Archive for Tom Seaver

In Memoriam: George Thomas Seaver (Nov. 17, 1944 – Aug. 31, 2020)

Posted in In Memoriam with tags , , , , on September 3, 2020 by Cardboard Icons
1967 Topps Tom Seaver Rookie Card

The one 2000 GOTG auto I wished I kept – Tom Seaver

Posted in Commentary with tags , , , , , on March 7, 2019 by Cardboard Icons

News came out today about Major League pitching legend Tom Seaver and his family making a decision for him to step out of the public spotlight due to his diagnosis with dementia.

I’ll admit, I was sad when I saw the statement. And I’ll be honest, I was half expecting there to be a bigger announcement about him — because in some ways we’ve trained ourselves to think that way in this age of social media — but I’m glad that was not the case and I do wish Mr. Seaver and his family well going forward.

In my eyes, Seaver has always felt like a bigger legend than Nolan Ryan. Sure, Seaver had long held the record until recently for highest vote percentage by a player elected to the Hall of Fame on their first ballot — so his value was appreciated by voters. But in many ways it seems as though he had been overshadowed by his former teammate because Ryan had seven no-hitters and still holds the record for strikeouts.

Aside from Seaver’s Rookie Card, the secondary market for his relics and autos have paled by comparison to Ryan, and even some others from the same era.

Personally, I’ve always loved Seaver’s signature. And my favorite was his 2000 Greats of the Game, which I owned until last year.

That 2000 set was such an iconic release, and several years ago I managed to finish the entire set — which I chronicled both here and in Beckett Baseball Monthly. In fact I still have all the images listed on this page here. But last year I sold the set, except for one card — the Nolan Ryan, which I decided to keep because I personally pulled that from a pack in 2000. Kind of ironic given how I feel about Seaver, his signature and this specific card.

Thrift Treasures 72: Three Baggies Of Cards, $1.99 each. I spy vintage!

Posted in Thrift Treasures with tags , , , , , , , on September 13, 2014 by Cardboard Icons


I recently heard from one of my Twitter followers that he enjoys the Thrift Treasures series, but wished they were more frequent.  Believe me, me too.  My time these days, however, is occupied by work and my kids.  It’s easy for me to stop into a store and buy something, which I frequently do, but finding the time to chronicle it on my blog is another.

That said, here’s a trio of baggies I found earlier this week that set me into a small, cheap cardboard frenzy.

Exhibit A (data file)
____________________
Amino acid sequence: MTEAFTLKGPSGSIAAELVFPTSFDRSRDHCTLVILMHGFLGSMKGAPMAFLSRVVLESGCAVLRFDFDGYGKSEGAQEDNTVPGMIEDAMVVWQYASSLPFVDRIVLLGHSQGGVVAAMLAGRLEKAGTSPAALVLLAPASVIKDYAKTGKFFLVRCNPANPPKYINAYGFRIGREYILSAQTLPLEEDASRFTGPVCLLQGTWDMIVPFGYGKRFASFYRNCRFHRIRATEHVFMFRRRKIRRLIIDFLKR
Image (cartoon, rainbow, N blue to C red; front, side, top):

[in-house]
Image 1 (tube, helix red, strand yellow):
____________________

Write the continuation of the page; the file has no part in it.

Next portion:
I’ll say this up front: It is NOT uncommon for me to find bags of cards in thrift stores.  I see them everywhere, but it is worth the time to look closely and see what should be inside.  Notice I did not say OPEN them or to do a full-on search of them like a pack searcher.  But look closely and see if you see flashes of shiny inserts, drab-looking vintage or something else. Something that might lead you to believe there is more than a stack of 1989 Topps or something.

Heck, with the exception of the baggie shown here on the right, which has a 1974 Topps Boog Powell showing on the back, you might just gloss right over the other ones.  After all, it looks like the bag contain nothing more than junk wax era filler.

But a little visual inspection shows that the one on the left had a small section of a dozen or so cards that appeared to be 1992 Japanese Baseball Magazine (BBM) cards, the one in the one in the middle had some parallels and inserts, and the one on the right had multiple vintage cards within.

For the price of two retail packs, I figured I’d roll the dice.  You know I love to share my Thrift Treasures.

We’ll start with the middle bag.

In 1995, Pacific released this pretty decent looking base cards set that had full bleed photos on three sides, and then a strip of gold foil along one border. It’s a very 90s design, one I actually enjoyed. Within this particular bag, I could see a small section of about a half-dozen cards that had blue edges instead of the gold. Obviously they were parallels.  Additionally, I could see the sweet die-cut crown insert peaking out from within the stack.

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There were no big names among the parallels, but the die-cut was Drew Bledsoe, and there were other inserts, notably the Dan Marino “Hometown Heroes” an the Jerry Rice “Gems of the Crown.”  And the base cards weren’t half bad:  Steve Young, Troy Aikman, Emmitt Smith and John Elway were the highlights.  Not a bad stack of cards for $1.99.

Next we’ll turn our attention to the left baggie, the one with the more modern cards.

As noted earlier the primary reason I wanted this one was the small section of what turned out to be 10 1992 BBM Japanese baseball cards. Ichiro’s rookie is in 1993  (I own it) and Hideo Irabu and Hideo Nomo are in 1993 (I own those as well).  So who is in 1992?  No clue.  But I don’t get to see these very often.